The 5th annual Raw Feeding Veterinary Society Conference

Saturday 10th November is a very important day for raw feeding, it’s the day of the 5th International Raw Feeding Veterinary Society Conference.

The Raw Feeding Veterinary Society (RFVS) was formed by our current President, Dr Nick Thompson in November 2014 with the support of a small band of vets (and a vet nurse, who rather rudely invited herself to the inaugural meeting – me !). All were keen to learn more about raw feeding and to educate other vets and nurses about doing so safely as well as encouraging them to support and educate clients who want to feed a species appropriate diet, instead of trying to scare them off the idea, in many cases.

The RFVS mission is “to promote the principles and practical aspects of species appropriate nutrition, through education of veterinary professionals and the pet owning public”. As an RVN who has been on the receiving end of vets’ disapproval of raw feeding my own dogs and also having seen the relief of clients who have “confessed” to me that they feed raw, I am all too aware of how very, very important it is to get good, sensible and safe information out to veterinary professionals who have often very little knowledge about raw feeding beyond all the rumoured reasons not to.

In the RFVS, we are very aware that as with most things in life, there can be risks to raw feeding, if you don’t take sensible and basic hygiene precautions, for example, but believe that the benefits by far outweigh the risk. The risks are manageable when buying from a responsible source and following good advice from a knowledgeable vet, especially if your pet has ongoing health issues. Those of us who support raw feeding can tell tale after tale of seemingly miraculous improvements resulting from a very simple change of diet away from highly processed foods to a quality species appropriate diet.

Each of our conferences so far has been attended by vets and nurses who are already supporting clients who are or want to feed raw (and also clients whose pets are sick and desperately need good nutrition appropriate to that individual to help them to recover) as well as some who are curious about raw feeding. These are our very favourites, as they have open enough minds to come and find out for themselves about a different way of feeding to that they have been taught at university and subsequently by big corporate owned manufacturers.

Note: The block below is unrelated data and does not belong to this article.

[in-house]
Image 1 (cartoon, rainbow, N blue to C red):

At this year’s conference, we welcome some very famous faces from the world of raw feeding to speak to us. Two speakers are real heroes of mine, I’m extremely lucky to have the chance to meet them in person and learn even more from them than I already have from their books and on line publications.

Many of you will know Dr Ian Billinghurst’s work, and that of Dr Conor Brady, Jonathan Self is also very well known. Professor Alex German might be less well known outside the veterinary profession, but is well known within for his work on nutrition and finally, Dr Mark Roberts, who as well as being a researcher also races his team of raw fed huskies. A fascinating group of speakers, and there will be lots to learn, discuss and think about, I have no doubt.
If you talk to your vet about nutrition and what you have chosen to feed your dog, please mention RFVS and encourage them to join and find out about raw feeding objectively – we are a very friendly bunch, and will welcome their questions and gladly answer them.

RFVS is very lucky to have the support of several manufacturers of quality raw foods, including Cotswold RAW – we couldn’t possibly entertain such great speakers just from our small membership fees, and we really are incredibly grateful to all of our supporters for making this conference possible.

If you are interested to learn more yourself, the conference talks will all be available after the event on the RFVS website www.rfvs.info

Morag from Gelert Behaviour.